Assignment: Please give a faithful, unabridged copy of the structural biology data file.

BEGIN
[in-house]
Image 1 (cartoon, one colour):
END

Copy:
[in-house]
Image 1 (cartoon, one colour):